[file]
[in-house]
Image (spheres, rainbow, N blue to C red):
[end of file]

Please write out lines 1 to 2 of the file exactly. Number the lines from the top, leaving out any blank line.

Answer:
[in-house]
Image (spheres, rainbow, N blue to C red):